Many children in Asia often start working at a young age. In many cases, they work as housekeeper or labourer at the rice fields and plantations, or end up in working at hazardous places such as mines. At nine, Amrita from Bangladesh left home and worked as housemaid at Mrs. Maya’s. Fortunately, Mrs Maya supports Amrita to go to school.

Child labour

Working as housemaid

Amrita was only nine years old when she had to leave her family and work as a child domestic worker at another family in Bangladesh. Amrita’s father was a boatman who earned about 42 Euro per month. Her mother was a housewife looking after eight children. The family was very poor. It was decided that Amrita was to stay and work at Mrs. Maya’s house. Amrita’s responsibilities included cleaning, washing and babysitting two younger children of Mrs. Maya. Amrita worked for many hours, under harsh conditions, not able to attend school and deprived from family care.

Supporting Amrita to go to school

Amrita was lonely and hopeless in her life. One day in 2014, a teacher from Village Education Resource Center (VERC), a local partner of Terre des Hommes Netherlands, visited Mrs. Maya’s house and met Amrita. She convinced Mrs. Maya to let Amrita take some time off from work and go to school, but it was unsuccessful. The teacher reached out to local Child Protection Management Committee (CPMC) for support and together, they finally convinced Mrs. Maya to enroll Amrita at a local school.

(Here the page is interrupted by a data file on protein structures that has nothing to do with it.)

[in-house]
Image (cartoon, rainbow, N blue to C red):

Given the family’s welfare and personal growth, children are allowed to do light work that is age appropriate, has no detrimental effects on their development and that they are not deprived of the right to go to school. Now, Amrita is in Class 4. She attends school regularly with good progress on her score.

I love going to school. My teacher takes good care of me. She helps us to read and do math. At school, we sometimes sing and dance together. I feel very grateful with all the support I received.

Amrita, 9, from Bangladesh.


Employer’s support

Mrs. Maya attends meetings with VERC staff and they discuss about child-rights issues. She even visited Amrita at school to check on her study progress and treated Amrita with care ensuring the girl has equal opportunity as other children.

Although Amrita was a maid at my house, she deserved a chance to study. Schooling has helped Amrita to be more mature and learn to manage her time well between housework and studying. I want her to succeed in the future.

Mrs. Maya is the house owner whom Amrita works for.

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